It’d be tough to imagine anyone coming out of All the Money in the World mooning over the absence of Kevin Spacey as avaricious oil billionaire John Paul Getty.
As anyone reading this review must know, director Ridley Scott called on Christopher Plummer (reportedly the director’s first choice, anyway) to replace Spacey–at a cost of $8 or so million in reshoots–when the star of American Beauty and House of Cards found himself embroiled in a welter of sexual harassment accusations. But all that is prelude and history.
Now comes the movie itself, and it’s a nasty, sordid, fact-based 1970s thriller, from a dead-ahead, unsubtle script by David Scarpa (The Day the Earth Stood Still) based on Painfully Rich: The Outrageous Fortune and Misfortunes of the Heirs of J. Paul Getty, a much better, more complicated book by John Pearson, who wrote, “The name of Getty had become a ‘synonym for family dysfunction.’”
Scott proves that he can still make us sweat and grab the armrests till our knuckles turn white.
It’s all about what happens when Mafia-connected bad guys in Rome kidnapped teenage heir and hippie-ish wastrel John Paul Getty III (Charlie Plummer), who wound up becoming oddly tight with “Cinquanta,” one of his somewhat kindlier captors (Romain Duris). Was the boy becoming connected with the notorious and mercenary Red Brigades?
The movie spends lots of time on Michelle Williams as Gail, the boy’s frantic, divorced mother, who tries valiantly to persuade her unyielding, money-grubbing ex-father-in-law to save his grandson by meeting the hostage-takers’ demands. The miserly Scrooge, utterly lacking in decency and empathy–a stunning, absolutely timely character study in ruthless, sociopathic behavior and corporate greed–won’t budge an inch.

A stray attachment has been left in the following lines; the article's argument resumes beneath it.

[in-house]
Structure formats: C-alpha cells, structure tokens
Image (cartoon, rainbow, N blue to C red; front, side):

After all, he reasons with Gail, what if other predators storm his gates demanding more of his reported $4 billion fortune and his precious objets d’art? What if Getty III himself is in on the ransom? We get a terrific scene in which we almost believe that Getty is about to relent and pay off the kidnappers; instead, he’s only buying another piece of art.
Also taking up a lot of screen time is Gail’s potential helpmate, a former CIA spook and Getty security advisor armed with hostage-negotiation expertise. He’s played by Mark Wahlberg, who creases his brow a lot to try and convince us that he’s doing some Serious Acting in an Important Film Being Released During Awards Season. He is, in fact, a weak link who, unlike everyone else around him, appears utterly oblivious to the fact that he’s in a period movie.
Director Scott doesn’t spare the ruthlessness or gore. As if to prove that he can Tarantino with the best of them, we get to watch a stomach-churning mutilation-and-torture scene that ends with the Calabrian mobsters sending through the mail Getty III’s famously severed ear.
Still, Scott has directed the flick with malicious, propulsive, take-it-or-leave-it energy. It’s his blunt and bristly thriller, a ham-fisted morality play, a searing but clichéd indictment of the ultra-rich tricked out in both color and black-and-white to give us a sense of time and place.
It’s also filled with period music we’ve heard too many times before. The Zombies’ “Time of the Season”? “What’s your name? Who’s your daddy? Is he rich like me?” Seriously?
But then, there are those performances. Williams is strong and resolute as Gail, and Plummer isn’t just good, he’s superb, so comically hateful, a grinning, flinty, greedy Mr. Burns. He’s a monster with five ex-wives, many mistresses and a family riddled with psychoses and illnesses—and he dominates the movie.
And Scott proves that he can still make us sweat and grab the armrests till our knuckles turn white. Just as with Alien: Covenant earlier this year, we just wish he’d held out for a much less generic screenplay. He has an operatic subject on his hands, and he treats it like no more than an efficient, highly watchable but throwaway crime drama.
Read more of Stephen Rebello’s movie reviews here.